Page 20: of Marine Technology Magazine (May 2021)
Hydrographic Survey Sonar
SUT Subsea Outlook 2020: A year like no other with a mixed outlook for subsea n many levels, 2020 was a pretty horri? c year, “a year like no other”, according to Mike Beveridge, managing director of energy investment ? rm Sim-
Omons Energy, a division of Piper Sandler.
It’s easy to see why. A dip into a negative WTI contract pric- es, Brent troughing at $23/b – the indicators were all pretty grim. The scary thing is, it could have been worse. But there is light at the end of the tunnel.
Speaking at the Society of Underwater Technology’s (SUT) annual subsea market outlook, usually held in Aberdeen, but this year held online, Henning Bjørvik, VP of energy research
Equinor at Rystad, said that, with around 140 subsea tree awards in
Equinor’s Breidablikk project in the Norwegian North Sea, with 2020, “We were basically now more or less back to what we 23 wells, was one of four projects adding to subsea tree order saw in 2016,” a year which was a record low (around 100 trees). numbers last year.
The challenges, in 2020, multiplied. Coronavirus changed our lives, the energy transition gained pace and the threat of Prior to Covid, projects like Bay du Nord, Cambo and Rose- peak oil is now looming, Beveridge told the SUT event earlier bank were on the verge of being sanctioned. “But we’re not this week (April 20). in this world anymore,” said Bjørvik. Last year, subsea tree
While the intervention of OPEC+ improved prices (50% of ordered for Woodside’s Sangomar off Senegal, ExxonMobil’s global supply, while Russia remains in the group), it’s still a Payara off Guyana, Equinor’s Breidablikk in the North Sea ? nely balanced market, he says. Anti-fossil fuel thinking has and Petrobras’ Mero III in Brazil’s Santos basin, made up the been gathering pace, the Biden administration has re-signed bulk of the subsea tree orders, Bjørvik said. “If those four the Paris treaty, the UK government has committed to net zero projects weren’t moving ahead, 2020 would be a devasting and the country is hosting COP 26, while investors “continu- year for the subsea market,” he told the SUT event. ally shift their attention away from fossil fuels”, due to a real- But there’s hope within sight and “subsea players should be ization that peak oil demand is on the horizon, Beveridge said, ready for a ramp up,” says Bjørvik. In Norway there has been a citing a recent report from Goldman Sachs which suggested tax relief package, which has lowered breakeven prices by 40% anemic demand after 2025 and peak oil as early as 2026, a on average and the results of that are being seen; there are a sentiment repeated by Rystad on Wednesday (April 21). lot of projects in the pipeline, he says. Brazil is still ploughing “Investors are increasingly focused now on carbon footprints, ahead with its FPSO projects, Guyana will still also be there, as there’s more government policies, society’s demand, custom- ExxonMobil forges ahead with its Stabroek block ? nds, which ers care what the emissions of their supply chain look like, em- will require quite a lot of subsea trees. ployees care,” said Beveridge. Carbon taxes are coming, opera- “For subsea tree awards, we are a bit more bullish for 2021 tors are looking to attract capital by being seen to be green and compared with 2020,” says Bjørvik. That’s partly due to Petro- most oil? eld services deals have to demonstrate to potential bras’ Buzios tender, which includes 53 trees. Without Buzios, buyers how they’re service or technology helps to reduce emis- the forecast would be more like 2020. “So the real recovery, sions, he said. “This is a critical feature that didn’t exist in deal back to 2019 numbers (ca.300 trees), we see in 2022,” he says, making two years ago.” It’s a tough environment for the oil? eld “when there are a lot of competitive projects in the pipeline, services sector where equity values are 71% down compared to and hopefully the covid situation has been resolved and the 2017, despite Brent having recovered 14%, he said. oil price is stable.” More broadly, investment numbers are ex-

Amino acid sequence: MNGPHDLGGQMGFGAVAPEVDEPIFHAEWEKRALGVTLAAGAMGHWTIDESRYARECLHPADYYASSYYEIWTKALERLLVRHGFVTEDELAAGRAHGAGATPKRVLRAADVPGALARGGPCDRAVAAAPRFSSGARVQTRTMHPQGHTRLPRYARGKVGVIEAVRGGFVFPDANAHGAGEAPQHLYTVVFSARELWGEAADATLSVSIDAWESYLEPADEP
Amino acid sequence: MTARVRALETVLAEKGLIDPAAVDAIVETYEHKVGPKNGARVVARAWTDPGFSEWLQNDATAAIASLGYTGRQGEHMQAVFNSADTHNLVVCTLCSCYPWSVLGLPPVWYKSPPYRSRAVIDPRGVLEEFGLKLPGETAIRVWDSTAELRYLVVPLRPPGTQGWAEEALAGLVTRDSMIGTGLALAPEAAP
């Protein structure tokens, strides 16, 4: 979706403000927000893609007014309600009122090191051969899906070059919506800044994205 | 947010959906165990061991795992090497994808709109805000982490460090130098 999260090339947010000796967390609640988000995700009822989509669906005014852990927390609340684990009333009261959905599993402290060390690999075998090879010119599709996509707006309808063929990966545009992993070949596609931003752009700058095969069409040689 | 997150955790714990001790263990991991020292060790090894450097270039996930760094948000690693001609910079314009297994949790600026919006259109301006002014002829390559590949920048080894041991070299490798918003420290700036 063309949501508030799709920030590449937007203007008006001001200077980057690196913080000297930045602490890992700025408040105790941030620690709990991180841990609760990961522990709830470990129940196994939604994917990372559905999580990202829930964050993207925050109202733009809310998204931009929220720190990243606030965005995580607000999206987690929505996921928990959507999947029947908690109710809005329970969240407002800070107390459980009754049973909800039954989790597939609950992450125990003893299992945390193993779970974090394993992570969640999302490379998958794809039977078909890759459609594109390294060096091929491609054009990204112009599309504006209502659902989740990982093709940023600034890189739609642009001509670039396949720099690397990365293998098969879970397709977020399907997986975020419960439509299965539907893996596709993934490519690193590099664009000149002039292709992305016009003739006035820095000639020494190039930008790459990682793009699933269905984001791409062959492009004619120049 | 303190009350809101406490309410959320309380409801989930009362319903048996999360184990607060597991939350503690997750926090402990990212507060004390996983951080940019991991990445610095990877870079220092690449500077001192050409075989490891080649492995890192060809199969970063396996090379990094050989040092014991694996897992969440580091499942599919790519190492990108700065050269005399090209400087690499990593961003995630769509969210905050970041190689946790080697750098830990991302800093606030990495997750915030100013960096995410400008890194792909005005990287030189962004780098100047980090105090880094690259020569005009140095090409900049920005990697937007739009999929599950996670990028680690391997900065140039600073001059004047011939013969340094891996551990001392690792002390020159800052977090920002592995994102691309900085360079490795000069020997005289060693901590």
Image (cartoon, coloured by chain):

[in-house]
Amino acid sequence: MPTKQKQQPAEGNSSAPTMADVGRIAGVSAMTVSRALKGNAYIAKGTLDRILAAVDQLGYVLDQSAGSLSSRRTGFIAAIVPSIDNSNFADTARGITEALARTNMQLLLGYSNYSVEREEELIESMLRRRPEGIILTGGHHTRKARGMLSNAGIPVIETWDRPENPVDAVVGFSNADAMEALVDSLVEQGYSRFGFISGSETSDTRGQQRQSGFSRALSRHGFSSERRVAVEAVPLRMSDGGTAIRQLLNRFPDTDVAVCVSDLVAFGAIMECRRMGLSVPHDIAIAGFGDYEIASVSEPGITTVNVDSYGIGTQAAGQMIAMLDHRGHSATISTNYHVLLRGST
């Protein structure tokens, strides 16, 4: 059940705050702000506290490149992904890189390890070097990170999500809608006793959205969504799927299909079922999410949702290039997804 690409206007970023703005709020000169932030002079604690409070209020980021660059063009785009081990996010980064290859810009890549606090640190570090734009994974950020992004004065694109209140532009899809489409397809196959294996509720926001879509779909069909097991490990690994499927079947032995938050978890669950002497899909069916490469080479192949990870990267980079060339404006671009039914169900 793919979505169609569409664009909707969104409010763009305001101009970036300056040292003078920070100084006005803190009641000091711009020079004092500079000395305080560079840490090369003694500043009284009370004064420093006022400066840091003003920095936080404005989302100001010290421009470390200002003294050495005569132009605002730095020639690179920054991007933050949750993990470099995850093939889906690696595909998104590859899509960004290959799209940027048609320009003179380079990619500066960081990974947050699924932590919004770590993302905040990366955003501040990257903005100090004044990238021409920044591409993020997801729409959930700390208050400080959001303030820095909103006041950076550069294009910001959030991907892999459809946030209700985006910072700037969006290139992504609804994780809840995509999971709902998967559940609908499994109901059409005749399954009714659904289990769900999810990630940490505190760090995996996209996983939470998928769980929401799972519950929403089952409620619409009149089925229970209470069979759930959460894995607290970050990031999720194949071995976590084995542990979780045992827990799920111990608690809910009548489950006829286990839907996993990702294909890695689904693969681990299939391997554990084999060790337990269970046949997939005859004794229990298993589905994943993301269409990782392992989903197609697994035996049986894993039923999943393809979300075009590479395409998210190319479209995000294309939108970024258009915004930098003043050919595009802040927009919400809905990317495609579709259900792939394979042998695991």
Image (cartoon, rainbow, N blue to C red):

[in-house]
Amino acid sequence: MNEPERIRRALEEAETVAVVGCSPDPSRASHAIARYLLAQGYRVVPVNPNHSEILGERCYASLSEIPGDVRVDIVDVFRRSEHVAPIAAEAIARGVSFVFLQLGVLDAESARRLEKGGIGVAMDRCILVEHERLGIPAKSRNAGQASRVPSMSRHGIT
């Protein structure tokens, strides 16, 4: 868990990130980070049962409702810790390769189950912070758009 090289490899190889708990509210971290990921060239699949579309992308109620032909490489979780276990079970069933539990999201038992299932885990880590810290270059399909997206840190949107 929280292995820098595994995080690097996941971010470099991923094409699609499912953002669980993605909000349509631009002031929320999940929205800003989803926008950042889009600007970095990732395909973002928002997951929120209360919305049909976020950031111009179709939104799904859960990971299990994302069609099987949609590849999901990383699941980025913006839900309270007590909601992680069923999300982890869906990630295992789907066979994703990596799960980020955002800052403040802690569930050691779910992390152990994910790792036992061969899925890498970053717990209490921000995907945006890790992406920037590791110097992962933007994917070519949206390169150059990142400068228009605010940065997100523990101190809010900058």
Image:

For the subsea market, it’s been especially tough. Another pected to ris, up to 2023, he says. Offshore green? eld project slump down to around 140 subsea tree awards in 2020 was a sanctioning is expected to increase from under $50 billion in major step down from the 530 per year ordered in the hey days 2020 (just a bit above the 2016 low), to nearly $120 billion in of 2012-2013, and some way off the 300 or so that had been 2023, says Bjørvik. forecast for 2020, prior to the Covid pandemic and another That raises a question; will the industry be able to meet the drop in oil prices. demand, he asks. While many have been able to live off their 20 May/June 2021
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